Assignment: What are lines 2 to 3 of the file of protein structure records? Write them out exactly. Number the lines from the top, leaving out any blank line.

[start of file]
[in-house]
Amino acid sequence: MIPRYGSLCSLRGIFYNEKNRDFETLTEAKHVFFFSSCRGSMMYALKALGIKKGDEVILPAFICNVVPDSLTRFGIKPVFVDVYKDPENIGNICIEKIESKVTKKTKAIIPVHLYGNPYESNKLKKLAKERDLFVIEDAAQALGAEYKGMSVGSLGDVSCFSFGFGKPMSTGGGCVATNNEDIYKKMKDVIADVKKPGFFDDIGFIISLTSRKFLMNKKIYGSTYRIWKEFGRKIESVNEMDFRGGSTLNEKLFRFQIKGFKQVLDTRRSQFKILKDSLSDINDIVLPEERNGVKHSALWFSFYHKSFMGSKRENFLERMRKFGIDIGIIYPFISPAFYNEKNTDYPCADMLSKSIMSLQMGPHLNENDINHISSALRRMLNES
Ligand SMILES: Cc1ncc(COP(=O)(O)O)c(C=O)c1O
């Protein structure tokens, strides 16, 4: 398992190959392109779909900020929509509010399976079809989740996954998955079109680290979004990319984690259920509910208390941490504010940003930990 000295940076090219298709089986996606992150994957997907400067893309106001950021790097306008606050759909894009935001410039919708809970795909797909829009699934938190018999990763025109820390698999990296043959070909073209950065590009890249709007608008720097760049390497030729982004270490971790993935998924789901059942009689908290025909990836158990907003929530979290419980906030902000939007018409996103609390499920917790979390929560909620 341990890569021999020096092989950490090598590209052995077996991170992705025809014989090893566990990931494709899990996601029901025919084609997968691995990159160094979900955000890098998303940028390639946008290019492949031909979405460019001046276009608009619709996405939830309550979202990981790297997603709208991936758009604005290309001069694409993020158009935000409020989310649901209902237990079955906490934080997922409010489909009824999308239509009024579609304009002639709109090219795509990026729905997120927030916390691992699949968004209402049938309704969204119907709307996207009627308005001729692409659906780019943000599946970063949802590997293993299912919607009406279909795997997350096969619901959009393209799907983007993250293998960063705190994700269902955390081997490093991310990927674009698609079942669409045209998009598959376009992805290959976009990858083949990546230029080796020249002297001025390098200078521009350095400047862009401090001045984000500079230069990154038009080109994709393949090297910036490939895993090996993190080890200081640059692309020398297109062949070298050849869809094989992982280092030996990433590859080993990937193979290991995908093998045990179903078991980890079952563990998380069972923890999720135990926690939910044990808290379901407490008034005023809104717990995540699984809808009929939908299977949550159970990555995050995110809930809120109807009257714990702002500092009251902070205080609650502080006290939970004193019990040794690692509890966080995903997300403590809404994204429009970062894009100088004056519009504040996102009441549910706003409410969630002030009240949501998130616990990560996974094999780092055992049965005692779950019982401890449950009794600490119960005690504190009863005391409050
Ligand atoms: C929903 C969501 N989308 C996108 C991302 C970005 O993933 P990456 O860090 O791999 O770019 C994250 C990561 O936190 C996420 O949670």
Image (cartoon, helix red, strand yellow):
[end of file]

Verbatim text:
Amino acid sequence: MIPRYGSLCSLRGIFYNEKNRDFETLTEAKHVFFFSSCRGSMMYALKALGIKKGDEVILPAFICNVVPDSLTRFGIKPVFVDVYKDPENIGNICIEKIESKVTKKTKAIIPVHLYGNPYESNKLKKLAKERDLFVIEDAAQALGAEYKGMSVGSLGDVSCFSFGFGKPMSTGGGCVATNNEDIYKKMKDVIADVKKPGFFDDIGFIISLTSRKFLMNKKIYGSTYRIWKEFGRKIESVNEMDFRGGSTLNEKLFRFQIKGFKQVLDTRRSQFKILKDSLSDINDIVLPEERNGVKHSALWFSFYHKSFMGSKRENFLERMRKFGIDIGIIYPFISPAFYNEKNTDYPCADMLSKSIMSLQMGPHLNENDINHISSALRRMLNES
Ligand SMILES: Cc1ncc(COP(=O)(O)O)c(C=O)c1O